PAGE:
Three wrongfully convicted New Jersey men today help launch a “Last Resort Exoneration Project” that goes beyond proving innocence through DNA testing, reports the Newark Star-Ledger. “What we are trying to do is often more difficult,” says Lesley Risinger, director of the project at Seton Hall Law School. “We will be trying to prove the innocence of convicted defendants in cases where DNA is not at issue.”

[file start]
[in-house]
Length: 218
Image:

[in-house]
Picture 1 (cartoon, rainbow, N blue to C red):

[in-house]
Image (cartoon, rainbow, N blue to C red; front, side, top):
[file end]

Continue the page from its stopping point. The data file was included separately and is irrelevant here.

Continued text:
“This is not simply a question of proving whether someone did not get a fair trial,” says D. Michael Risinger, a Seton Hall law professor and Risinger's husband. An expert on evidence, he will work on the project with her. “That happens more frequently. This is a question of proving innocence.” Courts in some countries make finer distinctions about guilt than do American courts. The Scottish courts allow three verdicts — guilty, not guilty, or not proven. The “not proven” verdict suggests that, while the defendant might have committed the crime, the prosecution failed to prove its case. Here, not guilty might mean innocence, or it might mean an unproven case. “We will be looking only for those cases where we are convinced a defendant is factually innocent,” says Lesley Risinger. “The person was not involved in the crime.” That's not so simple. She says gang members have been known to take the rap for more senior gangsters.